Alternative MedicinesInfectionInjuries
   Allergic Rhinitis
   Ankylosing Spondylitis
   Blood Transfusion Reaction
   Chronic Mucocutaneous Candidiasis
   Common Variable Immunodeficiency
   Common Variable Immunodeficiency
   Complement Deficiencies
   Digeorge Syndrome
   Fibromyalgia Syndrome
   Goodpasture's Syndrome
   Juvenile Rheumatoid Arthritis
   Lupus Erythematosus
   Polymyalgia Rheumatica
   Polymyositis and Dermatomyositis
   Reiter's Syndrome
   Rheumatoid Arthritis
   Selective Iga Deficiency
   Sjögren's Syndrome
   Systemic Sclerosis
   Urticaria and Angioedema

Chronic Mucocutaneous Candidiasis

Also called moniliasis, chronic mucocutaneous candidiasis affects males and females alike and usually develops in childhood. This form of candidiasis is characterized by repeated infection with Candida albicans.

In some patients with chronic mucocutaneous candidiasis, an autoimmune response affects the endocrine system, inducing various endocrinopathies.In these patients, the prognosis depends on the severity of the associated endocrinopathy.


Although no characteristic immune system defects are known to cause this infection, allergy may playa role. Many patients have a diminished response to various antigens or to Candida organisms alone. In some patients, allergy may result from deficient microphage inhibitory factor, a mediator normally produced by lymphocytes. This leads researchers to think that the disease may result from an inherited defect in cell-mediated (T-cell) immunity. (Humoral immunity, mediated by B cells, remains intact and produces a normal antibody response to C. albicans.)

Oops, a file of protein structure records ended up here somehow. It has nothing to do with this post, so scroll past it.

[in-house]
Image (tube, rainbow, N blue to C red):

Clinical Features and Symptoms

  • persistent candida (yeast) infections of the mucous membranes, scalp, skin and nails
  • thrush (a yeast infection in the mouth) and yeast diaper rash as babies. 

Some patients also have problems with:

  • additional germs including bacteria and other fungi. 
  • increased incidence of autoimmune disorders including endocrine disorders, diabetes, hemolytic anemia, autoimmune hair loss (alopecia) or loss of skin pigment (vitiligo)

Diagnostic tests 

The diagnosis of chronic mucocutaneous candidiasis, is made on clinical grounds. Microscopy and culture of skin swabs and scrapings confirm the presence of organisms.


Infection control is the main goal of treatment. Although miconazole and nystatin can produce sustained improvement, these topical antifungal agents ultimately fail to control infection.

Systemic infections warrant vigorous treatment. Oral ketoconazole and injections of thymosin and levamisole can have a positive effect. Acyclovir may be indicated in viral infections. Iron replacement therapy (administered orally or I.M.) may also be necessary.



© All rights reserved.

Bookmark This Page: